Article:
Vegetable of the Week: Brussels Sprouts
  • HOME

Vegetable of the Week: Brussels Sprouts

How to spruce up the sprout

Each week plant-based cook Bettina Campolucci Bordi, founder of Bettina’s Kitchen, gives us the lowdown on a particular seasonal vegetable or ingredient, offering cooking tips and a recipe. This week it’s Brussels sprouts.

Brussels sprouts are a permanent feature at our Christmas dinner table and linger on through January. On a personal level I don’t love them, but I have found some clever ways to make them super tasty and very much edible.

Named after the Belgian capital where they’re believed to have been popular during the 16th century, these leafy green vegetables are part of the Brassica family and closely related to kale, cauliflower and mustard greens. The cruciferous vegetables resemble mini cabbages and are typically cut, cleaned and cooked to make a nutritious side dish or main courses.

In season from October to March, Brussels sprouts can be used in lots of different ways. Grate them into a slaw, make a gratin, marinate them with miso or even deep fry them. It’s not the healthiest way of eating them but oh boy is it a good one!

When buying sprouts choose bright green varieties that are firm and small (makes them sweeter) with tightly packed leaves. It is better to buy them loose rather than in a pre-packaged bag so that you can check each one and avoid ones that are turning yellow. It’s even better if you can buy them still attached to their stalks, as they’ll stay fresher for longer.

If the sprouts are still on their stalks, twist each one off. Remove any loose leaves and wash and trim the base. There’s no need to make an incision – cutting into small Brussels sprouts could lead to them overcooking.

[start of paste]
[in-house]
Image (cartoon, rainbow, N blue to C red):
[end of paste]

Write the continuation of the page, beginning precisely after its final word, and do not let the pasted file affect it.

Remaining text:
Store fresh, unwashed sprouts in cotton bags in the refrigerator. Fresh sprouts taste best though, so try to limit refrigeration to a day or two. And don’t toss the leaves! Cook them as you would cabbage leaves – they’re delicious. ​Loose sprouts will keep in the fridge for up to four days. If you buy them still attached to their stalks, you can keep them attached until you plan to use them for up to a week.​ Also when cooking it helps to add a squeeze of lemon to take the slightly bitter edge off.

Below is one of my favourite recipes.

Recipe: Smashed Brussels Sprouts and Garlic Mayonnaise

Brussels sprouts

Makes one tray


  • 300/400g of Brussels sprouts (out layer cleaned and washed)
  • Olive oil for cooking
  • Salt and pepper to taste


  • 100g of Mayonnaise
  • 1 garlic clove (grated)
  • 1⁄2 squeeze of lemon


  1. Start off by preheating the oven to 220 degrees. Peel the outer layer of your sprouts and give them a good wash. Bring a large pan of water to the boil, add some salt and the sprouts and pre boil for 10 minutes until semi soft. Once cooked (don’t over cook, make sure they don’t turn a dull green). Drain properly.
  2. Line a big baking tray with greaseproof paper and pour the Brussels sprouts out on the paper. Make sure they have enough space in between and flatten with the palm of your hand so that the sprouts go as flat as possible. Do that with all the sprouts, you might find that some water comes out, once all the sprouts are flattened make sure that you soak up the excess water with a kitchen towel.
  3. Drizzle with olive oil and a grouse sprinkling of salt and pop in the oven for 10 to 15 minutes until brown. Take the tray out and turn the sprouts and pop back in the oven for another 10 minutes. You want the sprouts to be golden and crispy! While they are cooking mix all your mayo ingredients together and set aside. Once the sprouts are golden, take out of the oven and eat straight away while they are super crispy and dip in garlic mayo!


Carrots / Cabbage